Though the depiction above feels a little more like the ship’s computer from Star Trek: The Next Generation, Siri is likely not (yet) as advanced as the personal assistant in the Knowledge Navigator video. But it’s not hard to see the connection. And I’m by no means the first one who has drawn comparisons between Siri and Knowledge Navigator (and Star Trek for that matter). Just do a web search and you’ll find plenty of hits. But here’s the salient point…

If you could reliably control your computer by taking to it — like Star Trek — then the need for understanding graphical UI elements and gestures is significantly reduced and the barrier to computing (for newcomers) becomes virtually non-existent. Your voice doesn’t need to be taught. The interface is built-in and the conventions are only limited to what the computer can understand.

As the person who wrote the primer for newcomers learning to understand desktop PC interfaces, the prospect of using one’s voice as the primary interface absolutely thrills me. Think of this: no need to teach someone how to relate to the computer. No need to explain icons and procedures. The teaching of the “interface” is essentially offloaded to whomever teaches the individual to speak. No longer would computer vendors be burdened with GUI usability; they would only focus on voice command recognition. This would truly be a revolution in computer interface, and it’s only a matter of time before the technology is powerful and adaptive enough to provide this capability. Apple may simply be, as usual, taking a vision to market first.

The future of interfaces

While the mouse may be history very soon, I don’t think some artists will ever get away from a physical stylus or external device to assist with detailed pixel-resolution work. And touch screens are certainly here to stay. But I believe that Steve Jobs was preparing to take us to a place where both hand-powered interface and icon-based operation as we know it take a backseat. I’d like to know what Ted Nelson thinks of this, since he suggested that any person ought to be able to understand a computer within ten seconds. Ted, maybe the future that Jobs was planning to bring to us was not a world where we understand the computer, but where the computer understands us. If we are able to speak to our computer like we would a fellow human and have it obey us reliably, then anyone who can speak would, regardless of prior “computer experience,” be able to immediately accomplish the most common computing tasks without the overhead of required pre-existing mental models for software operation based on metaphors. And that would mean that, though he didn’t live to see it fulfilled, Steve Jobs would have once again orchestrated the rebirth of personal computing for ordinary people.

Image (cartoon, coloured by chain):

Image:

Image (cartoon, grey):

A Tale of Two Tablets (and a lesson learned)

September 27, 2011

an iPad and Samsung Galaxy Tab

Having recently had the opportunity to work with both an iPad and Samsung Galaxy Tab, I have the following impressions (which are predicated upon the fact that I am a long time PC user.)

iPad

  • very easy to learn to use
  • easier screen turn on (thanks to physical home button)
  • slightly faster “on” from power off state